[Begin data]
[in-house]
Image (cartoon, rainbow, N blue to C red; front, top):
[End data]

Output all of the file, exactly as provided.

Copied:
[in-house]
Image (cartoon, rainbow, N blue to C red; front, top):